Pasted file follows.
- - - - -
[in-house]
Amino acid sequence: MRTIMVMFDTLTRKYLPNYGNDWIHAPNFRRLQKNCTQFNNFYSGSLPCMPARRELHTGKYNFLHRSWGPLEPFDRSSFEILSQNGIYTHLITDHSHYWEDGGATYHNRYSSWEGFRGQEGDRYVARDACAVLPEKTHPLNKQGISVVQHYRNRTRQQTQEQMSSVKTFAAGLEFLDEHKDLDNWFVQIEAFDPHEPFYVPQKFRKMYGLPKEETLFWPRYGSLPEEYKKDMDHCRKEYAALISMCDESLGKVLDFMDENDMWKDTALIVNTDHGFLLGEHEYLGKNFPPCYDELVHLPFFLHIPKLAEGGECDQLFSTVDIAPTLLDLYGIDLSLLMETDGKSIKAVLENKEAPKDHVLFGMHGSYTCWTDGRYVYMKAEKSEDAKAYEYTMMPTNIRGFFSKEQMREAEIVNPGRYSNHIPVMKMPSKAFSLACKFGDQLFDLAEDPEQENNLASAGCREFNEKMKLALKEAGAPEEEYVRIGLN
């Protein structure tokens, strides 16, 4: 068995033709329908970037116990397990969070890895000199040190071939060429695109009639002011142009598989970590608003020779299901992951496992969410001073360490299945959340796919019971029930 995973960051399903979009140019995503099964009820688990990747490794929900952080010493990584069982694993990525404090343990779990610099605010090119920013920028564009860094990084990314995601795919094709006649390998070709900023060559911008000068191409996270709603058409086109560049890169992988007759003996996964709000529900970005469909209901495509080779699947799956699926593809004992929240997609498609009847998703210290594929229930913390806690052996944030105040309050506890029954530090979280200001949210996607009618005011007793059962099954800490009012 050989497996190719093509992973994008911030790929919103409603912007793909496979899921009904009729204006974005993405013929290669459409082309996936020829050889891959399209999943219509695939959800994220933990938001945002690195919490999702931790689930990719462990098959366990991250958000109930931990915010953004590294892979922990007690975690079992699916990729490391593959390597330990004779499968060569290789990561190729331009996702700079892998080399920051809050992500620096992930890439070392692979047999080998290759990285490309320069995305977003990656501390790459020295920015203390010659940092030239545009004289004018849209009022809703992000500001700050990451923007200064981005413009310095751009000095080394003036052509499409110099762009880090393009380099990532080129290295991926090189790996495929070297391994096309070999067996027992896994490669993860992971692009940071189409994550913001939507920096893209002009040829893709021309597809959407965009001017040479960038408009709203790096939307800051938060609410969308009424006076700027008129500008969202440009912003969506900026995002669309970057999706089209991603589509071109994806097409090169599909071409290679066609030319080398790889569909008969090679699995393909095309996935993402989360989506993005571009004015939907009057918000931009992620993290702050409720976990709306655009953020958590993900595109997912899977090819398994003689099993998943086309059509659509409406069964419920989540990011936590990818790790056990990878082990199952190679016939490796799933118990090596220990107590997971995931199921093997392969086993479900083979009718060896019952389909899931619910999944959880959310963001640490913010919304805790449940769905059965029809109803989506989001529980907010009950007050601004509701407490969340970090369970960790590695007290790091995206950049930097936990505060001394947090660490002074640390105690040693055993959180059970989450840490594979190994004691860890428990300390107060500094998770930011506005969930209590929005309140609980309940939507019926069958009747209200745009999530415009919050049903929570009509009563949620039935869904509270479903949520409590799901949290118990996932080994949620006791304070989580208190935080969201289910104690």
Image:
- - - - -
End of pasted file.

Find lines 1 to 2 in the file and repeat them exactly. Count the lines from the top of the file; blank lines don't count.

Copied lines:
[in-house]
Amino acid sequence: MRTIMVMFDTLTRKYLPNYGNDWIHAPNFRRLQKNCTQFNNFYSGSLPCMPARRELHTGKYNFLHRSWGPLEPFDRSSFEILSQNGIYTHLITDHSHYWEDGGATYHNRYSSWEGFRGQEGDRYVARDACAVLPEKTHPLNKQGISVVQHYRNRTRQQTQEQMSSVKTFAAGLEFLDEHKDLDNWFVQIEAFDPHEPFYVPQKFRKMYGLPKEETLFWPRYGSLPEEYKKDMDHCRKEYAALISMCDESLGKVLDFMDENDMWKDTALIVNTDHGFLLGEHEYLGKNFPPCYDELVHLPFFLHIPKLAEGGECDQLFSTVDIAPTLLDLYGIDLSLLMETDGKSIKAVLENKEAPKDHVLFGMHGSYTCWTDGRYVYMKAEKSEDAKAYEYTMMPTNIRGFFSKEQMREAEIVNPGRYSNHIPVMKMPSKAFSLACKFGDQLFDLAEDPEQENNLASAGCREFNEKMKLALKEAGAPEEEYVRIGLN